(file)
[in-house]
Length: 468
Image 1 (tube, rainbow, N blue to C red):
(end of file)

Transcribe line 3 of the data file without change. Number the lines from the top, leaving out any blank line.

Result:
Image 1 (tube, rainbow, N blue to C red):